Domestic Violence Perpetrator Programme



There are two types of DVPP

Criminal justice based programme and voluntary community based programme.


The criminal justice based programme is an intense 26 week programme with risk assessments provided to the courts.

The voluntary community based programme is a 26 week programme where statutory sectors and Children’s Service can make a referral, self referrals are also accepted. 

DMAT will work closely with all organisations and attend meetings to provide an update on the participates progress and commitment to change.


DMAT also work with victims of the perpetrators to ensure their safety. DVPP programme is delivered in Liverpool for clients in Cheshire, Chester, Sefton, Wirral, Halton & Knowsley & throughtout the UK in some circumstances.


DVPP works across Merseyside with adults and children affected by domestic violence. This service is aimed at supporting positive long term change and  promoting the construction of healthy relationships. We work in  partnership with a wide range of statutory and voluntary agencies.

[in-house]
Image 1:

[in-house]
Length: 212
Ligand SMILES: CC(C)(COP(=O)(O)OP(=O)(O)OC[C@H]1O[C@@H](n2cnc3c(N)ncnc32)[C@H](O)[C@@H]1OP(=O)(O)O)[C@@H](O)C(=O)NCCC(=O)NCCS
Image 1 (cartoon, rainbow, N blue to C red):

Agencies work together to try new approaches.

When agencies work together to create policies and procedures that interweave together, the whole system works in coordination to more effectively hold perpetrators accountable. Each agency has a part in identifying and rectifying gaps that hurt women. Each agency can do its job better.

It keeps women safe because it is developed from their own voices of experience. Sometimes policies or plans that are developed and thought to help women who are abused actually cause more harm than good. The Duluth Model approach keeps the voices of victims central to any policies or plans that are made by including victims and the advocates who work closely with them in all decision making.


We realise that to keep women safe, we have to help abusive men change!



The Duluth Model is successful because it is grounded in the experience of victims, helps offenders and society change, and pulls the whole community together to respond.